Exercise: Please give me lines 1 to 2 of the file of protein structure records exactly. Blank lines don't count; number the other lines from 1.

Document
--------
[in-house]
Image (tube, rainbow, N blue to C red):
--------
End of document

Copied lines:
[in-house]
Image (tube, rainbow, N blue to C red):